Ethics ain't easy: do we need simple rules for complicated ethical decisions?
Janvier, A., Barrington, K. J., Aziz, K., & Lantos, J. (2008). Ethics ain't easy: do we need simple rules for complicated ethical decisions? Acta Paediatrica, 97 (4): 402-6.
Abstract: BACKGROUND: Recommendations from national bodies regarding extremely
preterm infants have focussed almost exclusively on thresholds for
intervention based upon estimated gestational age (GA) alone. METHODS:
We reviewed policy statements that address active intervention for
newborn infants and compare them with those that are available for
older patients. We reviewed research, examining attitudes towards
preterm infants, uncertainties in GA assessment and other factors
important in determining prognosis at the time of birth. RESULTS:
Policy statements regarding active care of very preterm infants treat
this population differently from others in morally significant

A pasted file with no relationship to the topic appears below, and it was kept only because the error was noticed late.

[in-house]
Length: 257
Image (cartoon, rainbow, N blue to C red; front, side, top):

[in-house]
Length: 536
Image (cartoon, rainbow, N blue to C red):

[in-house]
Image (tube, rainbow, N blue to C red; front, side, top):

ways--without rationalizing this discrepancy. Extremely preterm infants
are devalued in medical and lay opinion compared to older individuals
with similar outcomes. Uncertainty in GA estimates often covers a range
with vastly differing prognoses. Sex, birth weight, inborn-outborn
status and use of antenatal steroids are vitally important in
prognosis, but clinical findings in the delivery room are not. Most
policy statements fail to account for these factors. CONCLUSION:
Simplistic policies based on GA alone should be avoided. Decision
making for extremely preterm infants should recognize that they are
each unique and must be individualized, taking into account all
relevant prognostic factors and the values and wishes of the families.
(My publication)Posted: Thursday, January 22, 2009